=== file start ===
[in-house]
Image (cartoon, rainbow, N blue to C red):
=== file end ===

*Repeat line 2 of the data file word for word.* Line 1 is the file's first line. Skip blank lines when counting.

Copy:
Image (cartoon, rainbow, N blue to C red):